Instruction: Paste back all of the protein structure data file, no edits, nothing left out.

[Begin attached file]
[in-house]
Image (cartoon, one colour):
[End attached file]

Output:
[in-house]
Image (cartoon, one colour):